Today (28 April) in 1923 Hyde Road staged its last League game as Manchester City drew 0-0 with Newcastle United.
The match was watched by a crowd of around 20,000. On the same date Wembley Stadium, built by the same people who were building Maine Road, hosted its first FA Cup final and, because of the extraordinary scenes, very little space was given over to the City game in the national ‘papers. Instead they concentrated on Bolton’s performance and the exploits of Billy, the white horse, in clearing the Wembley pitch.
Three months after the last Hyde Road League match, on 18 August, the last ever game, a practice match, was staged on the pitch. Afterwards the goal posts and a few turnstiles were taken from the old ground and erected at Maine Road – about 6 were still at Maine Road in 2003 when it was demolished. Attempts were made to keep one of the oldest (from 1896) and re-erect it in a public area at the new stadium. Sadly, the day before it was to be removed the external wall was smashed and the turnstile was stolen.
One of the Hyde Road stand roofs was dismantled and sold to Halifax Town to be re-erected at the Shay.
The Shay had opened approximately twelve months before Hyde Road’s last League match, and a stand had already been constructed. When this stand was extended it coincided with the demolition of City’s ground. Basically, it appears that the metalwork from one of City’s multi-span roofs was dismantled and re-erected along the touchline at the Shay. It was linked to the existing roof, and formed one traditional style roof. The roof still exists at the Shay today, although during the early 1990s it was re-clad.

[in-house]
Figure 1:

The front stanchions look suspiciously like those at Hyde Road, while my investigations in the late 1990s highlighted that the metalwork matched that of similar roofing at a factory in Sale. That factory’s roof was also a former stand roof from Hyde Road. Both the Shay roof and that in Sale were so similar that it seems likely they had previously been erected at Hyde Road.
The Sale factory was dismantled and sections of the roof given to Manchester City for possible re-use in a City museum. Sadly, by 2002 the metalwork had vanished from Maine Road and its whereabouts unknown.